"Nonprofit Piety Won't Change the World," as one of my friends works for a local nonprofit. The post centers on the notion that there are separate sets of economic rules for the nonprofit sector and the for-profit sector. Take one example: it's a commonly held belief that in the for-profit sector, offering good compensation to your leadership and employees well help to attract and retain talent, and ultimately lead to better results for the organization. But try applying that logic to the non-profit sector, and people get upset that so many dollars are going toward overhead, instead of making their way to the people in need. Never mind the fact that higher compensation may draw better talent, who can raise more funds, or craft strategies that would have greater impacts for the recipients of that charity. Donors want to see those dollars going straight to those in need, not to the people working at a nonprofit.
Wednesday, January 22, 2014
Monday, January 20, 2014
watching commercials again isn't so bad, as I get to learn new things. For example, did you know that LL Cool J is hosting the Grammys this year? Which is awesome, as there's an outside chance we'll all get to see "Momma Said Knock You Out" on live television in 2014. This would be the highlight of my year. Also, I heard a statistic on a running commercial series that is so shocking that I don't want to believe it's true: H&R Block claims Americans overpaid by $1 billion in taxes last year. Apparently this is enough for a stack of five hundred dollars to be placed on every seat of every NFL stadium (one on each of 2 million seats in the thirty two professional football stadiums). Here is a video of the ad:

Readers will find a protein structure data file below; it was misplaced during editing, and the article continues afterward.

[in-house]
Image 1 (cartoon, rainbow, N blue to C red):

Tuesday, January 14, 2014
Sunday, January 12, 2014
my quest to avoid advertisements, and I'm admitting defeat. After a few months of trying to avert my eyes when passing billboards, and changing channels every ten minutes in the middle of football games, I am throwing in the towel. I am one man against the thousands and millions of advertisers, and their millions and billions of advertising dollars. It was never a fair fight, so rather than continuing to aggravate myself, now I am just watching playoff football like a normal American, and watching the stupid commercials. And it's not a big deal.
Thursday, January 9, 2014
excellent article in the New York Times about a term I've never heard of before, but now absolutely love: "mindless accumulation". Mindless accumulation refers to the human instinct to earn past the point of our needs, or even our wants, and to simply work until we cannot work any more. The article centers on research that notes that, because of new technologies and greater productivity, the current generation can work fewer hours or less diligently than the prior generation, but still achieve the same standard of living. But, typically, they do not. The theory is that humans have a desire to earn and acquire more than they possibly could use: leading to another great term, "overearning".
Monday, January 6, 2014
lent a little money to a woman she's been working with in Peru. She's been working off the debt bit by bit, and this woman invited my wife to lunch at her house yesterday. They went to the market together and bought ingredients, including the meat, from the open air market. They were making lomo saltado together, and the total cost was seven Soles (about $2). To save money on housing, the woman lives with her family outside the city limits, where the city just turns to a desert and there aren't really permanent structures, per se. The houses are made of reed mat walls and reed roofs: kind of what we might describe as a shanty town, since the structures aren't permanent. But I don't mean that in any derogatory way. To them, it's just their homes.